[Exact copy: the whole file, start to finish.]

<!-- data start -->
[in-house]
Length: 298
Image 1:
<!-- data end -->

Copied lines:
[in-house]
Length: 298
Image 1: